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53 Cards in this Set

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What are commonly seen types of PARAPHILIAS?
Almost exclusively men; women are accessory.
Define PARAPHILIAS.
Are unusual fantasies or sexual urges Or behaviors that are recurrent and sexually arousing. These activities generally focus on a person HUMILIATING himself/herself or a partner, on children, other nonconsenting people or on NONHUMAN objects.
Clinical definition of PARAPHILIAS.
These urges and behaviors must occur for at least 6 months and must cause significant distress or impairment in social, occupational, or other important areas of functioning. paraphilias commonly involve illegal activities and criminal sexual offenses.
What are commonly seen types of PARAPHILIAS?
Almost exclusively men; women are accessory. EXHIBITIONISM, FETISHISMS, FROTTEURISM, PEDOPHILIA, SEXUAL SADISM, SEXUAL MASOCHISM, VOYEURISM, TRANSVESTIC FETISHISM
Explain Exhibitionism.
excitement in exposing themself, shock value men to women, do not want to have response or relationship; all bark and no bite; turned off if responded to
Explain Fetishisms.
focus on one part of sexuality; other behavior fantasizing over item; becomes sole interest of person
Explain Frotteurism.
Seek out victims in public places and rub against them. Usually men rubbing against females. At bus or crowded area. Have orgasm by rubbing on them, and run away. Do not have healthy relationships.
what is exhibitionism?
excitment in exposing oneself to someone, surprise/shock value; don't want someone to be okay with it; that would turn them off
what are fetishisms?
exclusively focus on one part of sexuality; doesn't acknowledge a person as a partner (i.e. shoe fettish); becomes the sole gratification of sexuality
What is Frotteurism?
seek out victims in public places and rub against them and they have an orgasm
what is pedophilia?
have to be at least 16yo and be attracted to and have urges to have a relationship with a pre-pubest child; have to be at least 5 years older than the victim. see lots of countertransference toward pedophiles (dr's bad feelings against the pt); 3 types of pedophiles; use penile plasmography to measure movement to pictures of children
what are three types of pedophiles?
1) accused and aren't pedophiles; 2) lives are normal, frustrated time in life and they get close to the child and it only happens one time; 3)chronic pedophilic behavior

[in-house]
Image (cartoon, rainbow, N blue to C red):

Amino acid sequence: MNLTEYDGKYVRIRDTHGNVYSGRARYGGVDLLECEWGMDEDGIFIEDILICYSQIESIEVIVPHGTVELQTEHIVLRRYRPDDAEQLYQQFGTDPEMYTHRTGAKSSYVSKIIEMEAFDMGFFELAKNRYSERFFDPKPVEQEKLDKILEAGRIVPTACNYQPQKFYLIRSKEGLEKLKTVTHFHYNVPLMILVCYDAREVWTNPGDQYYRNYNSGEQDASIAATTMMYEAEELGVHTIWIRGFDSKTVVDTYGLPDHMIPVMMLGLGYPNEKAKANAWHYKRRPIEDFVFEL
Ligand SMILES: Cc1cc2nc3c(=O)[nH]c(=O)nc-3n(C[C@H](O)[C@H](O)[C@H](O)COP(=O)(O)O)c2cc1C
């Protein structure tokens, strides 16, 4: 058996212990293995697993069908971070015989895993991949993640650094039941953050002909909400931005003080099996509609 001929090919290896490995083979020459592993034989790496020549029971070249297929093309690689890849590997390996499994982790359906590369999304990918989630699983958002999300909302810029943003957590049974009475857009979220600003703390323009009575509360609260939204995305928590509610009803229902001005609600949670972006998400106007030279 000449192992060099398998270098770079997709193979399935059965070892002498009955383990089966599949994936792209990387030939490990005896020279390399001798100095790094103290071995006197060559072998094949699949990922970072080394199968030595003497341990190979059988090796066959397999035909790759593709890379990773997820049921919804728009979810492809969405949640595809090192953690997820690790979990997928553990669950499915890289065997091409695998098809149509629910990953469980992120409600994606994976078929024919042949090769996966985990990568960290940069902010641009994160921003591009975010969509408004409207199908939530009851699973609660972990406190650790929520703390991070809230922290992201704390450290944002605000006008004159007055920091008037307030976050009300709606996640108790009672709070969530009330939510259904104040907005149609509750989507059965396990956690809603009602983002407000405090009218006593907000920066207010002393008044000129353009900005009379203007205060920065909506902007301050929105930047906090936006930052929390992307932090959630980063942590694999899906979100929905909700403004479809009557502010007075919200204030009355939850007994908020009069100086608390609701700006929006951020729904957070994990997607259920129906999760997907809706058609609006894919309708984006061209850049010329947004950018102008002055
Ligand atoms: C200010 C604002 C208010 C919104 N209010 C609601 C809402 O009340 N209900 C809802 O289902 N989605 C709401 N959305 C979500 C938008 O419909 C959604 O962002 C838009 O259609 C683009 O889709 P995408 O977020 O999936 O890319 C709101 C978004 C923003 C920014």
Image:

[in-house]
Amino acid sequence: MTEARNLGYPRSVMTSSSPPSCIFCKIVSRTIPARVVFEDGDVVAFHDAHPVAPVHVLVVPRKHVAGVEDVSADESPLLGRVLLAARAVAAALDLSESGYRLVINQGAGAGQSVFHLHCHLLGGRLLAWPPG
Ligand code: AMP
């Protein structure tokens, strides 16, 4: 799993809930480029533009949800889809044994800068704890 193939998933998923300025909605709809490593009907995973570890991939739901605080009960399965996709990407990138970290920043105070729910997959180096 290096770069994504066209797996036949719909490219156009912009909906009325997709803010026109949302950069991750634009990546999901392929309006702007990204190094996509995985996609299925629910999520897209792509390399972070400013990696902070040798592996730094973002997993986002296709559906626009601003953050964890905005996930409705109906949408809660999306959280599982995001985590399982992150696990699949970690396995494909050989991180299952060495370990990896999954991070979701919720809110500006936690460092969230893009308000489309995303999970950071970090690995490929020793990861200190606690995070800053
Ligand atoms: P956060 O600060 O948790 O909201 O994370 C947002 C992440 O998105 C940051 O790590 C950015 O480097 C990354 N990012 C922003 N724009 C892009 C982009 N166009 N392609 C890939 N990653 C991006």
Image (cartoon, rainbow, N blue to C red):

What is sexual sadism?
get pleasure out of hurting others and inflicting pain
what is sexual masochism?
get pleasure out of hurting self
what is voyeurism?
peeping Toms; viewing others
what is transvestic fetishism?
get excited by wearing the opposite sexes clothing; don't want to become the other sex, just enjoy wearing the clothing
what is the term for saying obsene phone calls and obsene internet communication?
scatologia
what is the term for having sex with dead people?
necrophilia
what is partialism?
use one part of the body for sexual gratification; ie. only likes oral sex, only cums between breasts) does not include a relationship with another product - vibrator
what is the term for get turned on by activities using feces?
coprophilia
what is the term for get turned on by having an enema?
klismaphilia
name three types of paraphilias that may be normal but can begin to interefere with life?
internet porn, masturbation, and sexual addiction
what is the term used to describe having sex with animals?
zoophilia
what is the term for getting off on urine?
urophilia
what is the term for getting off by asphyxiating or using N20?
hypoxyphilia
What is the difference in sexual desire disorders vs. sexual arousal disorders?
want vs ability to have an erection
define the term that involves unusual fantasies or sexual urges that are recurrent and sexually arousing. these activities generally focus on a person humiliating himself/herself on a partner, on children, other nonconsenting people or on nonhuman objects?
paraphilias - these urges must occur for at least 6 months and cause significant distress or impairment
what paraphilias commonly get arrested?
exhibitionism, pedophilias, sexual sadism, and voyeurism
what is the term for having a low sexual desire; look at age?
hypoactive sexual desire disorder
what is sexual aversion disorder?